Taking your Motorhome Abroad; a Guide to the Basics

The Legal Aspects of Driving a Motorhome
July 21, 2015
Motorhome Layouts
August 6, 2015

When you’re planning a trip in your motorhome which will take you past the shores of the UK, there are a number of aspects you’ll need to organise to ensure you stay within the laws of the countries you’re visiting.

Rules differ from nation to nation so it’s wise to see what you’ll need to do before, during and on the return leg of your trip.

When you know where you’re heading to, you’ll need to check the legislation for the following:

–          Required on board safety equipment

–          Pet care and documentation

–          Adjustments required to the vehicle

–          Documentation you’ll need to carry

You’ll also need to check your insurance policy covers you for travel outside the UK and how long you can be in another country and remain covered. If your current policy doesn’t fit your plans,  to find the right motorhome insurance please check out our comparison page.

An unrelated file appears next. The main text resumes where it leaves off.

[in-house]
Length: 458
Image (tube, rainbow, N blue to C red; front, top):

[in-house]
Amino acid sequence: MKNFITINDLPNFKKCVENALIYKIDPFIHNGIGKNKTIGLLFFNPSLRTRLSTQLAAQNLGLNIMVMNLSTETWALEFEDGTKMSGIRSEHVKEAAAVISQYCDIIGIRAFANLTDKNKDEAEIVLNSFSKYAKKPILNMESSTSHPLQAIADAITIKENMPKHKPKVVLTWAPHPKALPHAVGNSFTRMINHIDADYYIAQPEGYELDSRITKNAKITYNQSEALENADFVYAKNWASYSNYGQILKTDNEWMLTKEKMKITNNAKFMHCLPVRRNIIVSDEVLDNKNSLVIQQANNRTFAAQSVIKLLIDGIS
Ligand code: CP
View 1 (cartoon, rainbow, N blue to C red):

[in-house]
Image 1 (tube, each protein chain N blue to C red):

Safety equipment

For the majority of motorhomes and campervans, there’s no legal requirement to carry any on-board safety equipment whilst travelling in the UK. Once you leave though, there are a number of items you may need and this will vary from country to country. It’s wise to research what is needed for your destination, but here are some popular locations and what you must have available.

Warning Sign

  • Warning triangle (place 30 metres behind the vehicle)
  • One reflective vest or jacket; the driver must be wearing before leaving the vehicle if there is a breakdown or emergency
  • 2 warning triangles (place 30 metres behind the vehicle)
  • A reflective vest for the driver and each passenger
  • Warning triangle
  • A reflective vest for the driver and each passenger; they must be in reach at all times
  • First Aid kit
  • Fire extinguisher
  • Warning triangle

It is important that if the country requires reflective jackets to be worn in the event of needing to leave the car and wait on the roadside then they are put on immediately. If the police stop and they are not in use there could be a fine issued.